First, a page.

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Politics and Language

One of the most interesting aspects about politics, for me, is how politicians and the media use language to construct narratives or frame debates. If you follow the news as much as I do, you’re aware of the controversy surrounding the right-wing violent rhetoric and the shooting in Tuscon. Of course, I’m not claiming that the political rhetoric is directly or solely responsible for for the actions of Jared Lee Loughner. My interest and intent is to look at the language that was used by a popular liberal blog and a popular conservative blog in response to the shooting and compare them, as well as look at the rising political polarization in the United States.

(Full disclosure: my personal politics are very liberal. I will not claim that my examination will be completely objective, but I will attempt to be as objective as I possibly can. If you’d like to comment about how I use certain language and expose my own biases, I would welcome such criticism, provided it is substantive.)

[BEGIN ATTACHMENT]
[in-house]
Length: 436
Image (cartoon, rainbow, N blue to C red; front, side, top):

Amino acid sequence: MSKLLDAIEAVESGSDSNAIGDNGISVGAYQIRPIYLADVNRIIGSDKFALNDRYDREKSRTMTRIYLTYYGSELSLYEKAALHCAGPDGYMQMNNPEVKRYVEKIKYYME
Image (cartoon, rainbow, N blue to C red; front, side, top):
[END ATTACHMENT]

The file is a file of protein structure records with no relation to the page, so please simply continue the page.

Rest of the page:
Left/Right polarization in the United States has become an acute problem. According to this Gallup poll, President Barack Obama’s approval rating during his first year in office was the most polarized of any modern American president. According to Gallup, President Obama’s average approval rating among the Democratic Party was 88%, and among the Republicans it was 23%. As this shocking chart indicates, the difference between Democratic and Republican approval ratings for the president has, generally, been on the rise. This pattern continues with Obama, who at the time that this article was written had a difference of 65.